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UN rights investigators must remain independent: Chile president

[JURIST] Chilean President Michelle Bachelet [official website] urged members of the UN Human Rights Council (UNHRC) [official website; JURIST news archive] to adopt measures to ensure the independence of UNHRC investigators [press release, in Spanish]. Speaking during a special UNHRC session, Bachelet appealed to the 47 member countries to pass agendas and organization rules in the UNHRC's upcoming 5th session [UN materials] that will allow independent experts and NGOs to participate in regular reviews of human rights in various countries. Bachelet's proposal is opposed by many countries that have sought to impose a "code of conduct" upon the human rights body's investigators. Member states have also sought to elect members of fact-finding missions rather than have members appointed by the council's president. Both proposals face criticisms from human rights groups who say that such measures will infringe upon the independence of the investigators.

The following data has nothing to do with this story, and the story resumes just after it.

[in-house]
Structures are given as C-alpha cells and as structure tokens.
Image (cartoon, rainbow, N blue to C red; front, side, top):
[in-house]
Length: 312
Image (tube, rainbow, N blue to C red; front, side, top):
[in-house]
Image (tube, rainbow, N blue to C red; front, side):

In May, the UNHRC elected [official results; JURIST report] Angola, Bolivia, Bosnia and Herzegovina, Egypt, India, Indonesia, Italy, Madagascar, Netherlands, Nicaragua, Philippines, Qatar, Slovenia, South Africa to three-year terms on the council, which was established last year to replace the UN Human Rights Commission. The Human Rights Commission was often criticized for allowing the membership of states that have committed serious human rights violations. Those states often would create informal alliances preventing the commission from investigating or condemning human rights violations. AP has more.

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